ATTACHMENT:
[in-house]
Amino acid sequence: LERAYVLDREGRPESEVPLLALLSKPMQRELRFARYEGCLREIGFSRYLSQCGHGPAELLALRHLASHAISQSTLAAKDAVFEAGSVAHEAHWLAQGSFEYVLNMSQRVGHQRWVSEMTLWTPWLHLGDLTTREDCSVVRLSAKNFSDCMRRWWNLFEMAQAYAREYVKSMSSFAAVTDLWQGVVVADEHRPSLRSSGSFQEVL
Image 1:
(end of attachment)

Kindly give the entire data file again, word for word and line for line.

[in-house]
Amino acid sequence: LERAYVLDREGRPESEVPLLALLSKPMQRELRFARYEGCLREIGFSRYLSQCGHGPAELLALRHLASHAISQSTLAAKDAVFEAGSVAHEAHWLAQGSFEYVLNMSQRVGHQRWVSEMTLWTPWLHLGDLTTREDCSVVRLSAKNFSDCMRRWWNLFEMAQAYAREYVKSMSSFAAVTDLWQGVVVADEHRPSLRSSGSFQEVL
Image 1: